After a breakout as a first-time starter last season, Brunson is averaging career highs across the board: 27.3 PPG, 6.5 APG, 3.9 RPG, 6.2 FTA and 41.3 3FG%. Tyrese Haliburton is also a contender for best point guard in the NBA with a league-leading 12 APG, but he, too, has zero playoff experience to speak of. Regular season stats only go so far. Randle and head coach Tom Thibodeau have been in New York for five and four years, respectively, making the playoffs only once with a first-round exit before Brunson arrived. In his first season with the Knicks (and first as “the guy”), he took them farther than they’d been in the playoffs in a decade. He also leads the NBA in offensive fouls drawn.
In just 48 games, Brunson has already achieved five incredible 40+ performances and 19 games scoring 30 points or more. Since Scottie Pippen’s legendary +272 in November 1996, no player has come close to matching that feat. Enter Jalen Brunson, who, in January, scorched the NBA with a remarkable +256 plus-minus, etching his name into the history books. When Brunson said he wanted to ‘contribute to the team,” he wasn’t lying. The Knicks haven’t enjoyed back-to-back top-10 offenses since the dawn of NBA advanced stats (1996-97), and now the superstar guard has them towards unprecedented territory: consecutive top-five finishes.
Unlike Gilgeous-Alexander and Curry, Brunson is not playing alongside a bunch of Lottery picks. The Thunder have three Lottery picks in the starting lineup (Josh Giddey sixth in 2021, Chet Holmgren second in 2022, and Jalen Williams twelfth in 2022 ). The Warriors do, too, (Klay Thompson was seventh in 2011, Andrew Wiggins was first in 2014, and Jonathon Kuminga was seventh in 2021). Brunson plays with only one Lottery pick in Julius Randle (seventh in 2014). Bruson currently makes his teammates better than any of those other guys, as four of Thibodeau’s nine-man rotation were second-round picks (Isaiah Hartenstein, Miles McBride, Jericho Sims, Mitchell Robinson), and all the others were late-first-round picks. Brunson’s impact upon joining the Knicks was immediate, while Gilgeous-Alexander (his biggest competition to the throne) took five years to finally earn a playoff-worthy record. It’s a lot easier to be good with a horde of Lottery picks around you and playing in the smallest market of the NBA.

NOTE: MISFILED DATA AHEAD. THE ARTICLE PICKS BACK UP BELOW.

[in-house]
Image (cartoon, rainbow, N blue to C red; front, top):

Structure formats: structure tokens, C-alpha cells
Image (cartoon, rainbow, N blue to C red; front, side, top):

It’s even more amazing that Bunson is doing this with unparalleled expectations for the Knicks. Sure, Gilgeous-Alexander is balling out in podunk Oklahoma City, where pressure is non-existent as their rebuild nears its end. Since James Dolan was handed the Knicks by his daddy on a silver platter, only Amare Stoudamire came to the Knicks as a free agent in an attempt to be “the man” amid immense pressure. He, too, failed. So when Brunson said he was not coming to the Knicks to be a savior, we believed him. A free agent hadn’t come to the Knicks with playoff success since Allan Houston in 1996. Brunson just wanted to play for people he trusted: godfather Leon Rose, pops Rick Brunson, and his family friend, Thibodeau. He wanted the reins of his own team to prove the haters wrong on a higher level. At the time, neither he nor we knew that he would become the savior the Knicks have searched for over 50 years.